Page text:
The U.S. Department of Housing and Urban Development has released its latest report detailing levels of homelessness across the United States. Its 2019 Annual Homeless Assessment Report found that there was a 3% increase in the one-night estimates of people experiencing homelessness between 2018 and 2019 despite the fact that most states recorded reductions. The national increase is primarily due to a leap in homelessness in California where it grew 16.4% between 2018 and 2019 or by 21,306 people. In terms of absolute numbers, California has more than half of all unsheltered homeless people in the country at 53% or 108,432, nearly nine times as many as the state with the next highest number. That’s Florida which is home to 6% of the American unsheltered homeless population or 12,476 individuals.
Despite several years of progress in many parts of the country, more than half a million Americans are still homeless today with approximately 63% of them staying in sheltered locations. The following infographic takes a closer look at the data by CoC – Continuums of Care that are local planning bodies coordinating responses to the problem. When both sheltered and unsheltered individuals are taken into account, New York is actually the metropolitan area with the most homeless people, 78,604. Despite that, the grim situation in California is plainly evident with six out of the top-10 CoCs with the most homeless people located in the Golden State.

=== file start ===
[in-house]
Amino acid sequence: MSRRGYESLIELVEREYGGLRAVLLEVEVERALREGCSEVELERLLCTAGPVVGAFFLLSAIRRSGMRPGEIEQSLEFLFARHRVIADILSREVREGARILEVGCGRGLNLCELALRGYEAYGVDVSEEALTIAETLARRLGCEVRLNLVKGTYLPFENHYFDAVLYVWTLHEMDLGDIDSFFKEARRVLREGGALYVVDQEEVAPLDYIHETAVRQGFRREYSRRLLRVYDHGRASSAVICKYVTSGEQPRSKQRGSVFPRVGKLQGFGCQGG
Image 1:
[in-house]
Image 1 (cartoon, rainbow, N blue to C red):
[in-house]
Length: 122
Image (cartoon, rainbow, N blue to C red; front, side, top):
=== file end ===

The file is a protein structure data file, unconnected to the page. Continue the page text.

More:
Nearly a quarter of all people experiencing homelessness in the U.S. are in either New York or Los Angeles and the latter comes second on the list with 56,257 people with no home. Seattle/King County in Washington rounds off the top-3 with 11,199 while another two Californian CoCs, San Jose/Santa Clara City & County and San Diego City and County complete the top-five. Unlike New York, a significant share of California’s homeless population is sleeping rough. The research found that an estimated 71.7% of all homeless people in California are unsheltered compared to just 4.4% in New York. The two CoCs with the highest unsheltered rates are largely rural and both are also in California. Lake County in the Northwest of the state reported a 94% unsheltered rate while Alpine, Inyo and Mono Countries on the border with Nevada reported 92%.
*Click below to enlarge (charted by Statista)